Rising from the ashes; an unanticipated failure with the engorgement factor voraxin leads to advances in three areas of tick biology: Developmental abnormalities and parthenogenesis, identification of a Coxiella-like symbiont and the molecular characterization of vitellogenesis in the southern African bont tick, Amblyomma hebraeum Koch (1844)

  • Author / Creator
    Smith, Alexander
  • Weiss and Kaufman (2004, PNAS 101: 5874-5879) demonstrated that injections of fed male gonad homogenates stimulate engorgement in virgin female Amblyomma hebraeum ticks, due to the presence of the engorgement factor voraxin. They also showed voraxin's potential as part of an anti-tick vaccine: 74% of mated females fed on a rabbit immunized against voraxin failed to engorge. The original aim of this thesis was to further characterize and better evaluate the potential of voraxin as a component of a novel anti-tick vaccine. However, I was unable to confirm Weiss and Kaufman's results. Injections of male gonad homogenates or recombinant voraxin produced in two different bacterial expression systems into virgin females, both on and off the host, failed to stimulate engorgement. Immunization of rabbits against the recombinant voraxin proteins also failed to inhibit tick feeding. Silencing of voraxin via RNAi was unsuccessful, but I was able to silence subolesin, an important modulator of tick feeding and reproduction. I also observed a large number of morphological abnormalities in our ticks, as well as several virgin females that engorged and laid viable eggs. Although low levels of parthenogenesis have been reported in many other normally bisexual tick species, it has not been previously reported in A. hebraeum. The causes of these abnormalities are unknown, but could be due, in part, to the high degree of inbreeding in our lab colony. In addition to the numerous bacterial pathogens transmitted by ticks, many tick species also harbour a number of potentially mutualistic endosymbiotic bacteria. Here I have determined that out tick colony possess both Coxiella-like and Rickettsia-like symbionts. Their impact on the biology of the tick is unknown. Although much is known about vitellogenesis and its regulation in insects, our knowledge in this area is much more limited in ticks. I have sequenced the full-length cDNAs encoding two vitellogenins and the vitellogenin receptor from A. hebraeum, which are similar to those of other arthropods. RT-PCR analysis of gene expression showed that the vitellogenin receptor is expressed only in the ovary of fed females, whereas vitellogenin is produced in the fat body and midgut.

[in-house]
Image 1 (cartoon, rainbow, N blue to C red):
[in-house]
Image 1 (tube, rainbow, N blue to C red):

• Subjects / Keywords
  • Graduation date
    Fall 2012
  • Type of Item
  • Degree
    Doctor of Philosophy
  • DOI
  • License
    This thesis is made available by the University of Alberta Libraries with permission of the copyright owner solely for non-commercial purposes. This thesis, or any portion thereof, may not otherwise be copied or reproduced without the written consent of the copyright owner, except to the extent permitted by Canadian copyright law.
  • Language
  • Institution
    University of Alberta
  • Degree level
  • Department
  • Specialization
    • Physiology, Cell and Developmental Biology
  • Supervisor / co-supervisor and their department(s)
  • Examining committee members and their departments
    • Taylor, DeMar (University of Tsukuba)
    • Hemming, Bruce (Biological Sciences)
    • Proctor, Heather (Biological Sciences)
    • Waskiewicz, Andrew (Biological Sciences)
    • Keddie, Andrew (Biological Sciences)